Adam Nichols and Sophie Swithinbank’s adaption of JM Barrie’s novel is a confident one. Along the lines of a Disney ‘musical’ with only about four or five songs thrown in, I wouldn’t quite class it as a piece of musical theatre. However, there is a nice highlighting of Mary Darling’s feminism/suffragette work, and by framing Tiger Lily’s tribe within that lens the problematic tropes of the film (and book) are gracefully sidestepped. Of course, there is all the classic ‘childlike purity’ guff you expect, but it is offset nicely by the writer’s imaginative flare. Although the use of Northern accents for stupid characters is a little grating, the story is bright overall.
The thing that swings this piece is the actors. A more energetic performance is hard to come by. Emma Wright as Mary Darling/Tiger Lily is a clear and controlled performer who focuses the action away from Mr. Darling and devours up most of the best lines. Anna Franklin (a returning Maltings theatre performer) is a lovely Mary Poppins-Esque narrator, allowing the lyrical script to fill the night air. Flora Squires as Wendy has a delightful singing voice and does not overdo the ‘childlike wonder’-shtick. Felipe Pacheco is a great physical comedian and athletic Peter. Marcus Churchill as Hook has an effeminate take on the role but lacks the menace to really land the characterisation, while Matthew Parker’s Smee is a bumbling northern buffoon, overdone but funny. The Lost Boys together are bouncing balls of fun, and considering that some of them play their instruments on stage the level of talent is high.
But we can’t just fly off to Neverland, can we? There must be some earthy truths to contend with. Some of Nichols’ creative choices are a little perplexing and although this is a children’s play, the little devils are sharper than you think. Firstly consistency: Tinkerbelle at first is invisible and portrayed using sound effects, then two scenes later she is portrayed physically by Paula Gilmour in a rather sad set of wings. Secondly, the musicians are relegated to plastic boxes that look like portable greenhouses on the sides of the stage, that although practical rather ruin the ancient sightlines.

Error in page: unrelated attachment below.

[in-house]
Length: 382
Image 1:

Lastly, the venue itself: with such an unusual and massive crumbling structure like an amphitheatre, the practicality of presenting a play is immense. Staging an all-singing, all-dancing, all-flying production of Peter Pan with a medium-sized budget and cast is almost foolhardy. There are many children’s plays that are less demanding, or even more fitting to the historic location. Simon Nicholas’ set is a simple set of metal cages and, although there is a nice use of levels, the all-important flying sequence is rather disappointing. It felt at points like the setting was hampering the production and not enriching it.
Nevertheless, when it worked it worked. The sun setting, reflecting off the little golden flowers that covered the hillocks is a moment impossible to recreate in a standard theatre. Regrettably, as the rain started to patter down on our unprotected bodies, the peril of outdoor performance raised its ugly head. But come rain or shine the energy and perseverance of the creatives and actors involved was palatable. Feeling the long history of theatre reverberating off the ancient stones warmed even the coldest audience members. Third star to the left and straight on till morning indeed!
Based upon the original work by: J M Barrie
Written by: Adam Nichols and Sophie Swithinbank
Directed by: Adam Nichols
Produced by: OVO / The Maltings Theatre